An experimental treatment for eczema that aims to modify the skin microbiome safely reduced disease severity and increased quality of life for children as young as 3 years of age, a National Institutes of Health study has found. These improvements persisted for up to eight months after treatment stopped, researchers report in Science Translational Medicine.
Atopic dermatitis, commonly called eczema, is a chronic inflammatory skin disease characterized by dry, itchy skin and rashes. The disease is most common in children and is linked to an increased risk of developing asthma, hay fever and food allergy. While available treatments can help manage eczema symptoms, current options can be costly and may require multiple daily applications.
The experimental therapy contains strains of live Roseomonas mucosa—a bacterium naturally present on the skin—originally isolated from healthy volunteers and grown under carefully controlled laboratory conditions. For four months, clinical trial participants or their caregivers periodically applied this probiotic therapy to areas of skin affected by eczema.
“A child suffering from eczema, which can be itchy, painful and distracting for the child, also is very difficult for the entire family,” said Anthony S. Fauci, M.D., director of NIH’s National Institute of Allergy and Infectious Diseases (NIAID), which led the study. “These early-stage findings suggest that R. mucosa therapy may help relieve some children of both the burden of eczema symptoms and the need for daily treatment.”
Numerous genetic and environmental factors contribute to eczema, and scientists are learning more about the role that the skin’s microbiome plays in this condition. In 2016, NIAID researchers reported that R. mucosa strains isolated from healthy human skin improved outcomes in cell culture and mouse models of eczema.
To build on these preclinical findings, NIAID launched a Phase 1/2 clinical trial at the NIH Clinical Center in Bethesda, Maryland, to assess the safety and potential benefit of R. mucosa therapy in people with eczema. Interim results reported in 2018 for 10 adults and five children aged 9 to 14 years indicated that the treatment was safe and associated with reduced eczema severity. Since then, the trial has enrolled an additional 15 children, for a total of 20 children with mild to severe eczema ranging in age from 3 to 16 years.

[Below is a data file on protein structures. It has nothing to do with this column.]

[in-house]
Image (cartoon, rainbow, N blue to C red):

Twice weekly for three months and every other day for an additional month, children or their caregivers sprayed a solution of sugar water containing live R. mucosa onto areas of skin with eczema. For the first 15 children enrolled in the study, the dose of live R. mucosa was gradually increased each month. The last five children to enroll received the same dose throughout the four-month treatment period. Regardless of dosing strategy, no serious adverse events were attributed to the therapy.
“Most children in the study experienced substantial improvements in their skin and overall wellbeing following R. mucosa therapy. Encouragingly, the therapeutic bacteria stayed on the skin and continued to provide benefit after therapy stopped,” said NIAID’s Ian Myles, M.D., principal investigator of the trial. “These results support a larger study to further assess the safety and effectiveness of this experimental treatment by comparing it with a placebo.”
Seventeen of the 20 children experienced a greater than 50% improvement in eczema severity following treatment. Improvement occurred on all treated skin sites, including the inner elbows, inner knees, hands, trunk and neck. The scientists also observed increases in the skin’s barrier function—its ability to seal in moisture and keep out allergens. Additionally, most children needed fewer corticosteroids to manage their eczema, experienced less itching, and reported a better quality of life following the therapy. These benefits persisted after treatment ended, and the therapeutic R. mucosa strains remained on the skin for up to eight months.
The NIAID researchers next set out to better understand how R. mucosa therapy improves eczema symptoms. They found that treated skin had increased microbial diversity and reduced levels of Staphylococcus aureus—a bacterium known to exacerbate eczema.
In addition to imbalances in the microbiome, the skin of people with eczema is deficient in certain lipids, or oils. By conducting experiments in cell and animal models of eczema, the NIAID scientists found that a specific set of lipids produced by R. mucosa strains isolated from healthy skin can induce skin repair processes and promote turnover of skin tissue. Study participants had increased levels of these lipids on their skin after treatment with R. mucosa.
The researchers emphasize that additional studies are needed to further elucidate the mechanism of R. mucosa therapy and to explore whether genetic or other factors may explain why some participants did not benefit from the experimental treatment.